While all eyes are focused on how high President Cyril Ramaphosa will swing the axe as he cuts the size of his Cabinet, better efficiencies could come from cutting provinces.
The provinces are the biggest drain on the fiscus and deliver only development delays. About 40% of spending is through the nine provinces while the highest number of public servants is employed in the provinces. The numbers of provincial governments were increased from four to nine at the beginning of the democratic era to enhance democracy and ensure better development outcomes.
This is based on the idea that devolved democracy is better. Nothing of the sort has been achieved and in at least two vital measures, both education and health, the provinces instead harm rather than enhance outcomes. In addition, they have become centres of patronage politics where becoming premier or a provincial minister (called members of the executive council or MEC) or a member of the provincial legislature has become prestigious appointments that are now regarded as stepping stones to higher office.
Centres of Patronage
Instead of being relatively simple centres of administration, the provinces are now centres of patronage. Political preening and high life are evident in most provinces except the Western Cape where blue light brigades are banned. In every other province, the premier is a figure of high authority who is treated like a president. The MECs then regard themselves as ministers and MPLs like MPs.
Each premier and MEC comes with a retinue of flunkies including expensive advisors and puffed up spokespeople. The cost is stratospheric; the impact minimal. On a recent trip to the Free State, I was reminded of the uselessness of this sphere of government and also of how irretrievable it is.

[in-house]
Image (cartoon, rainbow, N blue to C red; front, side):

Government people in expensive wheels screeched about bullying the public because President Cyril Ramaphosa was in town. Convoys screeched over the rutted roads and through the traffic lights, many of which did not work. I saw several MECs attended by flunkies who self-importantly walked about carrying copies of speeches I didn’t see being delivered or documents that don’t ultimately have any impact on anything.
The provinces don’t set meaningful policy nor do they have much revenue-raising capability. They were only ever envisaged as a way of speeding up the administration and making life better for citizens, but in many cases they make it worse.
The Auditor-General reports are a testament to how this happens. Failed audits are legion and several provinces have been placed in national administration since 1994. They are markets of federal bloatedness as most of the 1.3-million civil servants the taxpayer pays for are employed in the provinces.
But, here’s the rub.
President Cyril Ramaphosa cannot touch them even though the National Development Plan, which he developed with former Minister in the Presidency Trevor Manuel when he headed the National Planning Commission makes these very points about the provinces. The provinces have become the new constituencies of tin-pot politicians like Ace Magashule, the ANC secretary-general who rose to prominence and to power in the Free State. He did this by shanghaiing the provincial budget to take central control of running tenders which he then distributed to cronies who in turn helped him create power patronage circles by helping him distribute bursaries, opportunities and jobs for those he chose.
He funded them; they funded him. He grew and grew. This is the story told in Pieter-Louis Myburgh’s smash hit, Gangster State. We have about seven Gangster States in South Africa – Gauteng is not one because it’s now decently run but it too was once in the thrall of the so-called Alex Mafia of senior ANC figures who corralled tenders for their cronies. Because so much spending happens provincially, they are the centres of the problematic tender economy.
With a strong media focus on Gauteng, there is civilian oversight of spending, but in the hinterland provinces, they are all mini-patronage states now run for the logic and pockets of provincial overlords.
Cut them and you would immediately get development dividends and massive savings with a healthy by-product being that you undercut the growth of more Magashules.
Sadly, it’s not going to happen while the ANC is in power as too many of their most powerful leaders have come from provincial strongholds.